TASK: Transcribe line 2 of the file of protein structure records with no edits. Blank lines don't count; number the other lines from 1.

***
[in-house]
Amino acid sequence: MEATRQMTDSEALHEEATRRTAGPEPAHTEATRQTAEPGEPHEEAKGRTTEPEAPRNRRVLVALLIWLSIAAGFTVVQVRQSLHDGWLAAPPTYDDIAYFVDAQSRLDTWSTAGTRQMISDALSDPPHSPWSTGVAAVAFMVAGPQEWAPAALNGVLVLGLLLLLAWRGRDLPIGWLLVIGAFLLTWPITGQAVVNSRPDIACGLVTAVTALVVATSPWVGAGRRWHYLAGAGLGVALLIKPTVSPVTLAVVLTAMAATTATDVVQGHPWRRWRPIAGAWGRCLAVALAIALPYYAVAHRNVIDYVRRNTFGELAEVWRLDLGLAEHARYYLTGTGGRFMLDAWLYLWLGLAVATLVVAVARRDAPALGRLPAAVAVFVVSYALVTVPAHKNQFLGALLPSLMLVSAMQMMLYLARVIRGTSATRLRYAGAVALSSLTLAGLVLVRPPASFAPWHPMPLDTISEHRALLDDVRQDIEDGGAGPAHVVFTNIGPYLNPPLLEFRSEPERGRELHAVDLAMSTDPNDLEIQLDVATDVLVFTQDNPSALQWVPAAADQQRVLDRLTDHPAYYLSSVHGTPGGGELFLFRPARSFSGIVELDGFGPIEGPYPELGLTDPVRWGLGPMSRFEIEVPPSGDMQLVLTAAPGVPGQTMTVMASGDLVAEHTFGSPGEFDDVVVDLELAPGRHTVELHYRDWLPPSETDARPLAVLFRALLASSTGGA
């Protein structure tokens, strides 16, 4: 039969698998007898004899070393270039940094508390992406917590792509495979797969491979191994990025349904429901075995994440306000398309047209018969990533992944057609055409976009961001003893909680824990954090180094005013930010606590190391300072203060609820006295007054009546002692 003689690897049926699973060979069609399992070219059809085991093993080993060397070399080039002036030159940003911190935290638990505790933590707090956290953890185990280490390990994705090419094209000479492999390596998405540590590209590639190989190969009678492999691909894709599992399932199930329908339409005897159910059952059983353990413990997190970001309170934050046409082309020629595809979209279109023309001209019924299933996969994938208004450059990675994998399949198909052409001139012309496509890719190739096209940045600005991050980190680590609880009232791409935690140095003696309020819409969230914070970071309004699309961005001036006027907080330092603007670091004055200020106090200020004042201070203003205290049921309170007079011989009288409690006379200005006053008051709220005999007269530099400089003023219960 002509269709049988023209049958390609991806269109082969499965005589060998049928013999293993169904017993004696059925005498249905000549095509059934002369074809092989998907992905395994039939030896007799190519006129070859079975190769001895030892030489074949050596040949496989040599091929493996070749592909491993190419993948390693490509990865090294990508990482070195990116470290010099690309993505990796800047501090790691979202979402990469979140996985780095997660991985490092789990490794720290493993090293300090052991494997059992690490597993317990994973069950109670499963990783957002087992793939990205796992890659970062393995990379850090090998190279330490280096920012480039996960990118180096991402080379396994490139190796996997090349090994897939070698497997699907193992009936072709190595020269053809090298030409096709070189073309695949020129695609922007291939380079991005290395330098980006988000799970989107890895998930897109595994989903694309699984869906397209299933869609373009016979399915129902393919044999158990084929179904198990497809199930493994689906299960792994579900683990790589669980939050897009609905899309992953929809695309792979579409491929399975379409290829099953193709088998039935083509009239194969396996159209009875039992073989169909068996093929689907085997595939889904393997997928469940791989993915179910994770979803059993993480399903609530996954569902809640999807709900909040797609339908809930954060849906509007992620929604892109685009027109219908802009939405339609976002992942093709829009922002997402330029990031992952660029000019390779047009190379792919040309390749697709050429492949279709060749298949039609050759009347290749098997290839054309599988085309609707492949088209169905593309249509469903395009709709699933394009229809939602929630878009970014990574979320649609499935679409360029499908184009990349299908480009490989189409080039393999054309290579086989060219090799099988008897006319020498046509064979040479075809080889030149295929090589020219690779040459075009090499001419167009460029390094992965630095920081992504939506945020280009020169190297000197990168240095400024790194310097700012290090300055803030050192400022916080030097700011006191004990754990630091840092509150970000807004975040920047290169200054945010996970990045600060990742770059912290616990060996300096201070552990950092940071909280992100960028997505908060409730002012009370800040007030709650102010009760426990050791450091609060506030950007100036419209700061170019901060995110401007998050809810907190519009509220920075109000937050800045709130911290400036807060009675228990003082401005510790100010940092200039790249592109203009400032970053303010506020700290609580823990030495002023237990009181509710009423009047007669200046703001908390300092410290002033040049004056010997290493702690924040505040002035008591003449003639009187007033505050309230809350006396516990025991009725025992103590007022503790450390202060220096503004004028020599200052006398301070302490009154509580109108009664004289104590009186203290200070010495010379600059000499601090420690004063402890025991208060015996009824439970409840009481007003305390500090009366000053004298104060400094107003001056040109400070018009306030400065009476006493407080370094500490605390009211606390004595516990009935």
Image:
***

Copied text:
Amino acid sequence: MEATRQMTDSEALHEEATRRTAGPEPAHTEATRQTAEPGEPHEEAKGRTTEPEAPRNRRVLVALLIWLSIAAGFTVVQVRQSLHDGWLAAPPTYDDIAYFVDAQSRLDTWSTAGTRQMISDALSDPPHSPWSTGVAAVAFMVAGPQEWAPAALNGVLVLGLLLLLAWRGRDLPIGWLLVIGAFLLTWPITGQAVVNSRPDIACGLVTAVTALVVATSPWVGAGRRWHYLAGAGLGVALLIKPTVSPVTLAVVLTAMAATTATDVVQGHPWRRWRPIAGAWGRCLAVALAIALPYYAVAHRNVIDYVRRNTFGELAEVWRLDLGLAEHARYYLTGTGGRFMLDAWLYLWLGLAVATLVVAVARRDAPALGRLPAAVAVFVVSYALVTVPAHKNQFLGALLPSLMLVSAMQMMLYLARVIRGTSATRLRYAGAVALSSLTLAGLVLVRPPASFAPWHPMPLDTISEHRALLDDVRQDIEDGGAGPAHVVFTNIGPYLNPPLLEFRSEPERGRELHAVDLAMSTDPNDLEIQLDVATDVLVFTQDNPSALQWVPAAADQQRVLDRLTDHPAYYLSSVHGTPGGGELFLFRPARSFSGIVELDGFGPIEGPYPELGLTDPVRWGLGPMSRFEIEVPPSGDMQLVLTAAPGVPGQTMTVMASGDLVAEHTFGSPGEFDDVVVDLELAPGRHTVELHYRDWLPPSETDARPLAVLFRALLASSTGGA